As an English major, you learn to think critically while honing your analytical abilities and polishing your communication skills. You have the chance to work with faculty on research or as their assistants.
You also sharpen your professional communication skills by taking courses in professional and technical writing and desktop publishing. You can use your elective hours for a second major or a double minor.
Editors, librarians and public relations specialists all have one thing in common. They’re examples of careers for English majors. But the list doesn’t even come close to stopping there.
You could opt to take your degree to graduate or professional programs, such as library science or law.
Or maybe you have a love of teaching. You could earn an English and education degree and teach high school. Other English majors go on to graduate school to earn a master’s degree to teach high school or at a community college. If you want to teach at the college level, you can go on to earn your PhD.
Have a love for literature and a head for numbers? Couple your polished analytical skills with a major or minor in business and math. You could be a successful market research analyst.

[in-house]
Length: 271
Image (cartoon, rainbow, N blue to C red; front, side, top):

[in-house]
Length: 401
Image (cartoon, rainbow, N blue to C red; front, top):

Love travel and have a knack for languages? Your English degree paired with a foreign language minor could lead to a fulfilling career as a travel writer.
An English major plus a professional and technical writing minor can lead to a promising career as a writer or editor of technical publications.
Our English department offers an English and education major, an English major or an English minor, such as creative writing or professional and technical writing.
The Four Year Academic Plans are standard templates for how a degree can be completed in eight (8) consecutive Fall & Spring semesters. There is varying flexibility in the exact course sequence depending upon individual student circumstances, major curriculum and course availability. Students should consult with their Faculty Advisor for course sequencing, degree planning and other considerations. Students are ultimately responsible for their degree planning.
I’ve worked as a corporate trainer since I left Wingate, and my English degree has been invaluable in this regard. It’s helped me write with the clarity and accuracy that are necessary to teach someone else how to perform a task. You will graduate with those same tools in your possession. - Adam Raskoskie, Wingate Alumnus, 2009